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Demystifying the giant 'End of the World' hole in Siberia: So what is it?

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Ever since a helicopter took photos of a massive hole in the ground in Siberia's Yamal Peninsula that somehow had gone unnoticed -- hence the headlines screaming "suddenly appears" all around the world and on the Internet -- there has been plenty of speculation, some by actual scientists, about what had caused the big hole in the permafrost. And with scientists and researchers arriving last week, the world waited as samples were taken, readings made, and data was collected. So what did they find? What exactly is the hole? Or, perhaps if it is simply a hole in the ground, what caused it to be?

The New York Times reported July 19 that scientists at the scene of the yawning hole would soon be able to provide a more "informed opinion" on the nature of the massive opening than, say, the posters on chat forums and conspiracy theory websites, those who quickly jump to the idea that such phenomena are caused by government experiments gone wrong, cosmic death rays, or UFOs landing or bursting from their underground lair (per Viral Global News). A few of the more serious speculations -- like a meteorite impact -- already had been ruled out by experts simply by viewing the first photos of the Siberian crater.

One of the scientists on site, Andrey Plekhanov, Senior Researcher at the State Scientific Centre of Arctic Research, wanted it made clear: There was no explosion, a position theorized by several scientists and various experts, their theory extrapolated primarily from the fact that the Siberian hole was only twenty miles from the gas field of Bovanenkovo. The Yamal Peninsula itself sits atop one of the largest gas reservoirs in the world, so it was only natural that some would quickly see a connection between a massive crater in the ground and an explosion of gas.

No, the hole in the Siberian permafrost was the result of a large ejection, Plekhanov said. “For now we can say for sure that under the influence of internal processes there was an ejection in the permafrost," he asserted. "I want to stress that it was not an explosion, but an ejection, so there was no heat released as it happened.”

Plekhanov instists there is "nothing mysterious" about the hole, although he does admit, as reported by the Siberian Times, "I've never seen anything like this, even though I have been to Yamal many times."

So what does he think it is?

He is not certain, but he has an idea: "I also want to recall a theory that our scientists worked on in the 1980s - it has been left and then forgotten for a number of years. The theory was that the number of Yamal lakes formed because of exactly such natural process happening in the permafrost. Such kind of processes were taking place about 8,000 years ago. Perhaps they are repeating nowadays. If this theory is confirmed, we can say that we have witnessed a unique natural process that formed the unusual landscape of Yamal peninsula."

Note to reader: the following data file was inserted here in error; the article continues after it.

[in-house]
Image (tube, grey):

Still, the massive hole in Yamal, a name that translates to "End of the World," looks very much like sinkholes that have been popping up (dropping out?) all over the world -- like that massive hole that suddenly appeared in Guatemala City in 2010. But if the hole in Siberia was formed from an ejection, that would rule out the "sink" in sinkhole...

Plekanov noted that signatures of the ejection were not consisted with an explosion, there being no sign of burn marks. This would indicate that the theory proposed by Anna Kurchatova from the Sub-Arctic Scientific Research Centre, that the crater was formed by a mixture of water, salt and gas which ignited in an underground explosion. Gas, she explained, accumulated in the ice could have mixed with sand beneath the surface, then mixed with salt, resulting in a volatile mix. This, she noted, could have been caused by global warming, which could have melted the under-soil ice, releasing gas and causing an effect like the popping of a Champagne bottle cork.

But there is one remaining offered prior to Plekhanov and the other researchers flying out to gather samples from the crater, which was actually a bit smaller than had been first thought. Instead of a 262-foot hole, the aperture did not measure even 200 feet across. And what theory was that?

It could be a "pingo."

Dr. Chris Fogwill of the University of New South Wales told the Sydney Sunday Morning Herald that a pingo was a large chunk of ice that is located underground. When it melts, it could create a hole in the ground.

"Certainly from the images I’ve seen it looks like a periglacial feature, perhaps a collapsed pingo," Fogwill said. "This is obviously a very extreme version of that, and if there’s been any interaction with the gas in the area, that is a question that could only be answered by going there."

So, again, what is it? As Plekhanov noted, it appears to be a "unique natural process." But the researchers now have their samples and some data to work with. Perhaps in due course the scientific method will yield some answers.

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